His latest slam dunk came last November, when he hired Jim Bartko from Oregon. Yes, the same Oregon with those crazy uniform combinations and first-class facilities. Thanks in large part to financial backing from a knight and shining armor whose crest is a swoosh known to everyone around the world.
Bartko replaced long-time Athletic Director Thomas Boeh. Boeh helped clean up the Bulldog program mired in controversy before his nine-year tenure.
"I felt like I needed to have a different kind of athletic director going forward. And so that was a judgment I made after talking with him and so we honored his contract, and he's got a new assignment and we've searched for Jim Bartko," said Castro.
Bartko has the daunting task of bringing Bulldog athletics to the same level of his former employer.
"He has seen Oregon ascend. And he's even said to me before, when he started with Oregon, they weren't anywhere near where we are now," added Castro.
I told Castro, "I asked Jim, do you subscribe to the fact that if football and men's basketball does exceptionally well, that it takes care of everything else. And he laughed and he said..."
"Well, I'm not sure if it takes care of everything else. But it's a must. I mean at Oregon, there are two sports that raise money. I'd say 60-some percent of our revenue comes from those two sports in donations and ticket sales. So we've got to focus our energy on all of our programs. It's all important. But those two programs need to lead us and we have good coaches in place. And now it's just a matter of getting them the resources and get a few breaks here and there to do it," said Bartko.
"I've heard some of our coaches of other sports say that exactly the same way, which is 'please take care of football and men's basketball and we'll ride that wave, essentially,'" said Castro.
Dr. Castro wants each Bulldog sport to have a chance at winning a conference title. And the 'Dogs are working to provide those opportunities.
In the past year and a half, Fresno State has renovated the weight room and football locker room. You can add the Women's Soccer and Lacrosse field to that list. The multi-million dollar Meyers Family Sports Medicine Center completed in the fall of 2013, provides treatment to student athletes. And the nutritional training table is up and running on campus.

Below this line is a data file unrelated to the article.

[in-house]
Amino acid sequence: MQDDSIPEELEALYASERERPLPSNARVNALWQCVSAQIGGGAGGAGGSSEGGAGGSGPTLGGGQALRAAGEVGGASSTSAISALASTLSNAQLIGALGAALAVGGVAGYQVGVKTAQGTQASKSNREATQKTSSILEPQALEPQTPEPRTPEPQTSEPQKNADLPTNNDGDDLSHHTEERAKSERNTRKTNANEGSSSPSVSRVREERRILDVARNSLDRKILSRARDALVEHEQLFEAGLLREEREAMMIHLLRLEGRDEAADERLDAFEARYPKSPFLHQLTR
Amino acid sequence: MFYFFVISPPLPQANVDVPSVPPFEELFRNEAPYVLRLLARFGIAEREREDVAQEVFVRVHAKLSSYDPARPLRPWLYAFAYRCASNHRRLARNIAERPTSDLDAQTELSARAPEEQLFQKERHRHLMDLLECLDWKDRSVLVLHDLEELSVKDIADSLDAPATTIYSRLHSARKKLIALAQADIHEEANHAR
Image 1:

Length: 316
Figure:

But there is one important thing Castro would like to take down.
"We're going to reinstate wrestling," said Castro.
Five words every local fan has been waiting to hear since 2006.
"Why did you feel like it was such an important thing to have the idea of bringing wrestling back?" I asked Castro.
"Of any issue that I heard about during my first year as president, this one was by far, the most important to people. And it would come in unexpected places. Like it might be on a farm, talking about agriculture. Some farm, Ag leaders come up to me and say, 'I hope you bring back wrestling,'" said Castro.
Bringing wrestling back is easier said than done. Title IX compliance will require the Bulldogs incorporate another women's sport. And the recent NCAA ruling on cost of attendance will skyrocket Fresno State's budget by $1.3 Million.
Dr. Joseph Castro and his new Athletic Director Jim Bartko are making a big push to get fans into the Save Mart Center. 8,000 would end up watching the 'Dogs lose to Wyoming in a triple-overtime thriller on a Saturday in January. That's a good crowd, when you consider on most nights, the SMC is curtained-off at the top. And pretty bare at the bottom.
Castro grew up a Red Waver and especially became a fan of all Bulldog sports after watching Boyd Grant's men's team win the NIT in 1983. The Hanford native played sports in school and became a lifelong fan despite graduating from Cal and getting his Ph.D from Stanford. But it's something else that has the 48-year-old coming back.
"As a university professional, I've come to appreciate the important role that athletics plays in a university setting. And the development of leadership skills. And I think that's what resonates with me the most, is it's another way in which a university develops the leadership skills of their students," said Castro.
Think of Dr. Castro as the CEO of a company. And that company's name happens to be Fresno State.
A slogan Castro often uses since becoming university president is "Be Bold." It's a phrase he's applied to both sports and in the classroom when the nation went into recession a few years ago.
Castro says the economic uncertainty created an atmosphere of doubt at places like Fresno State. And where there's doubt -- there's less innovation and creativity for students and faculty alike. That's where "Be Bold" comes in.
"So, I wanted there to be a simple way to say, hey, think out of the box. Take some risks. We know some of them aren't going to pan out. But that's OK. Let's be as creative as we can," added Castro.
And he's taken to Twitter as one of the primary sources of communication between his students, faculty and even critics. Dr. Castro tells me he's always been tech savvy, but it wasn't until he became an administrator did he see the true value of social media.
"It's just another way to engage with a wide variety of people. We have 23,000 students. 1,000 faculty or so. A lot of staff. 200,000 alumni. It doesn't replace the face-to-face, but it supplements it," he said.
Fresno State's university president is a man who's soft spoken, but is as ambitious and aggressive an educator you'll find in the country. His bold words and actions may prove to be too risky. And that's just the way Joseph Castro likes it.
"I don't want a president in 40 years to say, gosh, what was that guy doing 40 years ago? Why am I inheriting this?" said Castro.